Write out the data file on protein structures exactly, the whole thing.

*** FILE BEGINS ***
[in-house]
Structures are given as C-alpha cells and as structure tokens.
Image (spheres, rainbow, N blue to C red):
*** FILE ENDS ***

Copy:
[in-house]
Structures are given as C-alpha cells and as structure tokens.
Image (spheres, rainbow, N blue to C red):